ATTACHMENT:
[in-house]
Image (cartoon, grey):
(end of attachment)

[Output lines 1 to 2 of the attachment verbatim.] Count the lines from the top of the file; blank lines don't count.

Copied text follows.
[in-house]
Image (cartoon, grey):